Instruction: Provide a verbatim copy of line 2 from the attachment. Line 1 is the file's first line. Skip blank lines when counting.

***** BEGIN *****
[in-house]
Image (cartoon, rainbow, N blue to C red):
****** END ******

Image (cartoon, rainbow, N blue to C red):